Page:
net.art

triangulation by alexi shulgin

net.art refers to a group of artists who have worked in the medium of Internet art from 1994 on. The main members of this movement are Vuk Ćosić, Jodi.org, Alexei Shulgin, Olia Lialina, and Heath Bunting. Although this group was formed as a parody of avant garde movements by writers such as Tilman Baumgärtel, Josephine Bosma, Hans Dieter Huber and Pit Schultz, their individual works have little in common.

The term ‘net.art’ is also used as a synonym for net art or Internet art and covers a much wider range of artistic practices. In this wider definition, net.art means art that uses the Internet as its medium and that cannot be experienced in any other way. Often net.art has the Internet as (part of) its subject matter but it is not a requirement.

The net.art movement arose in the context of the wider development of Internet Art. As such, net.art is more of a movement and a critical and political landmark in Internet Art history, than a specific genre. Early precursors of the net.art movement include the international fluxus (Nam June Paik) and avant-pop (Mark Amerika) movements. The avant-pop movement particularly became widely recognized in Internet circles from 1993, largely via the popular Alt-X site.

The term was probably coined by Pit Schultz in 1995, but also is attributed to Vuk Cosic. Net.art stems from ‘conjoined phrases in an email bungled by a technical glitch (a morass of alphanumeric junk, its only legible term ‘net.art’).’ It was first used with regard to the ‘net.art per se’ meeting of artists and theorists in Trieste in 1996, and referred to a group of artists who worked together closely in the first half of the 1990s. These meetings gave birth to the website net.art per se/CNN Interactive, a fake CNN website ‘commemorating’ the event.

One of the best known (and much speculated about) net.art websites remains Hell.com. Many artists have continued in the spirit of net.art; an example is Aaron Koblin, whose pieces based on crowdsourcing combine whimsy, elegance, and subversiveness.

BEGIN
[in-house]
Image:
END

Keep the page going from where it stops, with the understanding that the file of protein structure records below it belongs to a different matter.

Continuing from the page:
Net.artists have built digital art communities through an active practice of web-hosting and web art curating. net.artists have defined themselves through an international and network mode of communication, an interplay of exchanges, collaborative and cooperative work. They have a large presence on several mailing lists such as Rhizome, File festival, Electronic Language International Festival, Nettime, Syndicate and Eyebeam. The identity of the net.artists is defined by both their digital works and their critical involvement in the digital art community.

net.artists like Jodi developed a particular form of e-mail art, or spam mail art, through text reprocessing and ASCII art. The term ‘spam art’ was coined by Frederic Madre to describe all such forms of disruptive interventions in mailing-lists, where often texts were generated by simple scripts or typed by hand.

A connection can be made to the e-mail interventions of ‘Codeworks’ artists such as Mez or robots like Mailia, which analyze emails and reply to them. ‘Codeworks’ is a term coined by Alan Sondheim to define the textual experiments of artists playing with faux-code and non-executable script or mark-up languages.